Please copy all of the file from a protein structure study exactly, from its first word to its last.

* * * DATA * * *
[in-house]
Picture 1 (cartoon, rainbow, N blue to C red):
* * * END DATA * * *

[in-house]
Picture 1 (cartoon, rainbow, N blue to C red):